Oral diseases and conditions – tooth decay (caries), gum disease (severe periodontitis) and tooth loss – affect 3.5 billion people worldwide. Untreated caries in adult teeth is the most prevalent of all medical conditions. Migraines come in second, and third place is held by periodontitis.
Dentistry has traditionally owned Oral Health Care (OHC). But now there is a growing recognition that dentistry has lost touch with the reality of the global oral disease burden. Framed are some quotes from the La Cascada Declaration made by leading OH global experts in 2017.
This is because OHC is simply not deployed in the right places. Oral Health professionals and resources are not appropriated according to needs or disease distribution. OHC sprouts up wherever there is a return on investment.
So dentistry has largely been unable to combat the global challenge of oral diseases. This shortcoming is not the fault of individual dental clinicians committed to caring for their patients. The overall dental surgeon paradigm, system, and model of dental care delivery are at fault.
In high-income countries, the current reactive, treatment-dominated, increasingly high-tech, interventionist, and specialised approach, that reflects the surgical origins of the profession, is not tackling the underlying causes of disease and is not addressing inequalities in oral health. In low-income and middle-income countries, the limitations of so-called westernised dentistry are at their most acute; dentistry is often unavailable, unaffordable, and inappropriate, particularly for the rural poor.
Of all the health services, OHC is the least integrated into primary care. Of all the Non-Communicable Diseases (NCDs), Oral Health (OH) is the least integrated into the NCD prevention agendas.
As oral diseases and conditions share common risk factors with other NCDs, the consolidation of preventive interventions and activities around those risk factors may very well be the way forward for OHC. It may not look like dentistry – but we all know where dentistry got us.
Prevention of NCDs by addressing their causes will become best practice because dealing with the consequences of NCDs is costly for the healthcare provider as well as for the patients. As the pathology or physiological changes associated with NCDs are largely irreversible, patients pay the price for lack of prevention with their quality of life. Therapeutical practices such as surgery, are sadly often too late for people who want to get the most out of life.
The day will come when Community Health Workers (CHWs) or Health Promoters (HPs) trained in Oral Health Promotion (OHP) will share the frontlines of primary care with doctors and nurses. They will indeed change the very nature of the frontline. Health Promoters will come from, and operate, within the community. Their familiarity and agility will enable access to primary care everywhere, even in remote villages. They will have digital tools based on artificial intelligence to liaise with health specialists, to diagnose and triage conditions, and to survey the health status of the community. They will be trained to comprehend simple didactic preventive messages, such as no smoking, exercise daily or no added sugar. But the HPs will deliver those messages in a way the community will best understand and accept them. There needs to be a career-track in place for CWS/ HPs to develop their knowledge and skills, and take on more responsibility.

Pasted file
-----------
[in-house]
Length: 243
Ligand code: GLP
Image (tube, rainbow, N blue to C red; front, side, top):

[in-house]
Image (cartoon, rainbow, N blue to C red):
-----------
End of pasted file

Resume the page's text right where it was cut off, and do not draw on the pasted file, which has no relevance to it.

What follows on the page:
What will the OHC providers do? What will become of the dentists?
The best clinicians will continue to drill and fill teeth just like their specialist colleagues who are managing and restoring soft and hard tissue issues, correcting bites, aligning crowded teeth and beautifying smiles. Those who want to be part of the solution for the inequity and burden of global oral disease, or wish to realign with global disease distribution, will have to transition. In a play of words starting with the letter P, framed are 14 ways in which the OHC provider will need to Pivot:
Where are we transitioning to?
If dental care has been busy with managing proximal determinants of oral diseases such as biological and behavioural factors (like infection, hygiene and diet); then greater impact of interventions can be found upstream with social, commercial and environmental circumstances (such as socioeconomics and corporate marketing). And there are opportunities even further upstream such as advocacy for improved policies and regulations (like they did with smoking). Hence, like anadromous fish such as salmon, OHC will transition up-stream.
Recently the WHO has called for OHC to align and integrate with programs for prevention & control of NCDs & Universal Health Coverage as well as environmentally friendly & less invasive dentistry. Mobile technologies for health interventions are being encouraged, and 3 forms of professional fluoride delivery have been added to the WHO list of essential medicines.
Most recently, the WHO published its Global Strategy on Oral Health – the 6 guiding principles in the frame are worth noting:
The Corona pandemic has shaken-up our awareness of disease determinants and exposed a truth that NCDs (and Corona) cluster within social groups according to patterns of inequality deeply embedded in our societies. A key to recovering stronger from the pandemic is to keep populations in better health, by ensuring that NCDs are more effectively prevented, diagnosed, managed, and treated. This includes addressing poverty and inequalities, barriers to accessing quality healthcare, and the preventable harm caused by tobacco, alcohol, ultra-processed food and drinks, and pollution.
The day will come when caries, alongside diabetes, obesity, heart and lung disease and other NCDs, will be addressed in primary care based on their common disease determining factors – even if it means starting to swim like salmon against the current.